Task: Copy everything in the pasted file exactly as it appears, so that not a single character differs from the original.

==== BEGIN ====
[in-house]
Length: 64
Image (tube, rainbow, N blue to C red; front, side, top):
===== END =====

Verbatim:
[in-house]
Length: 64
Image (tube, rainbow, N blue to C red; front, side, top):